Read Revelation 9 at Bible Gateway.
Previously: revelation 9, the four angels of the sixth trumpet
We will use, for history reference, Gibbon’s Decline and Fall of the Roman Empire, for he describes the Turkish invasion in great detail, and H.G. Wells Outline of History. Now no one would accuse either of these men of being Christians. Gibbon was an ardent unbeliever, whose opinions shocked the society of his day. H.G. Wells was well known as a secular humanist, a socialist, even an anarchist whose hope for the salvation of mankind lay in a one- world government run by an intelligent and educated elite. He was also a convinced evolutionist, having had T. H. Huxley as a professor of biology at university. Neither of these men would knowingly doctor their history to strengthen the validity or accuracy of Scripture; but rather, both reported the facts as they found them.
“Since the fall of the caliphs, the discord and degeneracy of the Saracens respected the Asiatic provinces of Rome; which, by the victories of Nicephorus, Zimisces, and Basil, had been extended as far as Antioch and the eastern boundaries of Armenia. Twenty-five years after the death of Basil, his successors were suddenly assaulted by an unknown race of Barbarians, who united the Scythian valour with the fanaticism of new proselytes, and the art and riches of a powerful monarchy.” Gibbon, chapter 57.
The Saracens are the Arabian Mohammedans. Nicephorus, Zimisces, and Basil are Byzantine emperors, ruling at Constantinople. The Turks crossed the Euphrates in 1056, the year following the deliverance of Baghdad, as Gibbon had already told. 1056 was not 25 years after the death of Basil (who Gibbon reports died in 1025), but 31 years. Gibbon names the Turks Scythians. Josephus tells us that the people the Jews called Magogites, the Greeks called Scythians. Magog was one of the sons of Japheth, the son of Noah, who settled in central Asia, and from whom sprang the Tartars.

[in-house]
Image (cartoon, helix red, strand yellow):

“The myriads of Turkish horse overspread a frontier of six hundred miles from Tauris to Arzeroum, and the blood of one hundred and thirty thousand Christians was a grateful sacrifice to the Arabian prophet.” Gibbon, chapter 57.
Now Revelation makes it clear that the power unleashed from the Euphrates would be a great army of horsemen. The number of them from Revelation, in the Greek, reads “twice myriad times myriad,” and Gibbon uses the same number to describe the Turks, myriads, and even makes it plural, as John takes pains to do.
“Very early they [the Turks] conquered Armenia from the Greeks, and then, breaking the bounds that had restrained the power of Islam for four centuries, they swept on to the conquest of Asia minor, almost to the gates of Constantinople.” Wells, Outline of History, 32.8, emphasis added.
Here H.G. Wells echoes the very words of Revelation to describe the Turks as breaking the bounds which had held them beyond the Euphrates.
Continued in revelation 9, the duration of the sixth trumpet